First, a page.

Wide-ranging measures by the fruit sector are being implemented to keep export shipments flowing

Shipping lines have strategically diverted some vessels from the port of Cape Town to Port Elizabeth in the Eastern Cape as measures to help relieve pressure on the struggling container terminal take effect.

Südafrika: Erhebliche Exportbeeinträchtigungen bei Citrus

Image: Transnet

Some of the larger vessels destined for the Far East will also no longer be calling in Cape Town, and smaller vessels, including ferries, are being utilised to transport these products to Port Louis in Mauritius, where they will join vessels to the East.

This is according to Sati, the South African Table Grape Grower organisation, which said it was aware of the challenges experienced at the Port of Cape Town over the past weeks and recognised the impact it was having on exports and arrivals.

“Together with Agbiz and Fruit South Africa members, we continue to actively engage with Transnet and the government role-players at the highest levels to expedite intervention which will mitigate impact of these events of the current grape season,” Sati stated.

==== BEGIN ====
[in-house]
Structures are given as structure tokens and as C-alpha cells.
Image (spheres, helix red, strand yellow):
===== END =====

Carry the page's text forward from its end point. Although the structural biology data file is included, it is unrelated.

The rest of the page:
“For table grapes to arrive in markets as close as possible to the originally planned dates, a number of measures have been taken.”

Exporters are transporting some of their fruit via road to Port Elizabeth, therefore avoiding Cape Town, and there are now specialised reefers leaving Cape Town on a weekly basis to the EU and the UK to further relieve pressure.

Sati said that South Africa remained committed to providing all its markets with quality table grapes.

“We urge stakeholders across the value chain to handle the arrival of grapes responsibly,” the industry body said. “South Africa remains committed to providing all our markets with quality table grapes.”

It is understood that performance levels have increased considerably at the Container Terminal in Cape Town since the end of last week, when the industry held crisis talks with the Transnet team.

It will however take some time to return to normal as the grape season enters its peak shipments, with pears and stonefruit also competing for space.